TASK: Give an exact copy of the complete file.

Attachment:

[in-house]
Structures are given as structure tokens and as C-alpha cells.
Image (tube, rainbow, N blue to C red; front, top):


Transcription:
[in-house]
Structures are given as structure tokens and as C-alpha cells.
Image (tube, rainbow, N blue to C red; front, top):